FCC Auction Website Tells Viewers They Won’t Lose Service
The Federal Communications Commission launched a new website
promoting its planned spectrum incentive auction that claims there will be no
loss of service in the aftermath… eventually.
“Will I lose my over-the-air broadcast television?” an FAQ
query poses. “No,” it states. “The incentive auction process will enhance the
ability of broadcasters who remain on the air to continue providing the public
with diverse, local, free over-the-air television service. However, in order to
accommodate the new wireless broadband services, there may be a brief
transition period. The FCC will work with broadcasters to ensure that any
transition is brief and that consumers are well-informed of any potential
The website is part of the FCC’s Learn Everything About Reverse-Auctions Now,
or “LEARN” outreach program. The site was billed as “a one-stop information
resource for incentive auction stakeholders, particularly the nation’s
broadcasters,” though none of the information appears to be new or particularly
It mostly aggregates links to auction-related material, such as the Notice
of Proposed Rulemaking and the comments
file, and provides basic information on the reverse-forward design of the
upcoming auction, tentatively scheduled for June of 2014. It will be the first
to incorporate the two-part process in which broadcasters set their price in a
reverse auction, and potential bid prices are determined in a forward auction.
The auction is taking place so spectrum now occupied by TV stations can be
licensed to wireless carriers for provision of broadband, as part of the 2010
National Broadband Plan.
The LEARN site features an FCC Staff Summary of the incentive auction plan that
states that there are “currently 8,402 total TV stations operating in the UHF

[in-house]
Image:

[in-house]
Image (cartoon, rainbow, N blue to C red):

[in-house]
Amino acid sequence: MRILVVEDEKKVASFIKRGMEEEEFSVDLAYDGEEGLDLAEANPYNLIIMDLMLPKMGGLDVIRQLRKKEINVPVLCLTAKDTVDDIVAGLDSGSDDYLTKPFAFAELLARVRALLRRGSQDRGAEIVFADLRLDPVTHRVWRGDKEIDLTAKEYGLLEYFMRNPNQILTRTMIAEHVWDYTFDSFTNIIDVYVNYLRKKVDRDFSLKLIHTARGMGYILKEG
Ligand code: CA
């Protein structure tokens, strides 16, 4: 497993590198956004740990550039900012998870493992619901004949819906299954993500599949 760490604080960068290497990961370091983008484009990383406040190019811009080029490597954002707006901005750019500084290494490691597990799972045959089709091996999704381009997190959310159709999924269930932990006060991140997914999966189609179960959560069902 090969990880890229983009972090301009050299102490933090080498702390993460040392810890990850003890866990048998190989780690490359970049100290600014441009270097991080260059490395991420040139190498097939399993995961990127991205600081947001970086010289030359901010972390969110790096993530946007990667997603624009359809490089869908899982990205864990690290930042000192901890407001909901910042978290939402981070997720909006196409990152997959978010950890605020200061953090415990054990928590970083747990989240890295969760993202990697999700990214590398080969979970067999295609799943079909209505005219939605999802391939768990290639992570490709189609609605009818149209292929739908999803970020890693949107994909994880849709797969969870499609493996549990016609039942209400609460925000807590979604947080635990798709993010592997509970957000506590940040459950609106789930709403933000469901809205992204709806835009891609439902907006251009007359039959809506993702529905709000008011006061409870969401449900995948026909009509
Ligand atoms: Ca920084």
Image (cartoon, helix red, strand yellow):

and VHF bands,” a dozen more than in the commission’s count
released Jan. 11.
“Although broadcast television continues to be a
vital source of local news and information for most Americans, other offerings
in the marketplace have diverted much of broadcast television’s over-the-air viewing
audience over the years,” the summary
states. “For example, during the 2011-12 television season, the Nielsen Co.
estimates that only 10.7 million television households nationwide, or
approximately 10 percent of total U.S. television households, rely solely on
over-the-air broadcast television service.”
The summary goes on to say that the UHF channels now occupied by TV stations
are “especially well-suited for mobile broadband uses.”
Though participation is voluntary, the plan presupposes the reclamation of 20
TV channels, or 120 MHz of TV spectrum. TV stations can either relinquish their
licenses completely, give up a portion of their spectrum and/or share a 6 MHz
assignment with another TV station. The law requires that no TV station with a
UHF license be made to relocate into the VHF spectrum at Chs. 2-13, but
stations can volunteer to do so.
Should the commission secure 20 channels nationwide, stations that remain on
the air will be repacked into bands between Chs. 14 and 26; and 38 and 40 under
the proposed plan. It also reserves two 6 MHz guard bands between broadcasting
and wireless broadband spectrum for unlicensed devices. The guard bands are a
point of contention with Republican lawmakers who want to see that spectrum
auctioned off, even though the law they enacted specifically called for them.
That same law also states that proceeds from the forward auction of TV spectrum
must cover the estimated $2 billion cost of relocating broadcasters and radio
astronomy users on Ch. 37. If not, no licenses will be reassigned. The
commission’s LEARN site addresses the question of insufficient broadcaster
participation by saying, “We’re confident that, based on a fair assessment of
the economic opportunity presented by the incentive auction, enough of them
will voluntarily choose to participate to make for a successful auction.”
Federal law provides that broadcaster participation
be confidential, but at least two groups have been identified as speculators.
Fairfax, Va.-based OTA Broadcasting, a subsidiary of Michael Dell’s MSD
Capital, has at least four stations in major markets and recently purchased an
LPTV in Boston, WYCN, for $4.1 million, and WLWC, a CW affiliate in Providence,
R.I., for $13.75 million. It also owns KTLN in San Francisco; KFFV and KVOS in
Seattle; and WEBR in New York.
The other group, organized by former Disney lobbyist Preston Padden, is
reported to have around 25 stations interested in participating in the spectrum
~ Deborah D. McAdams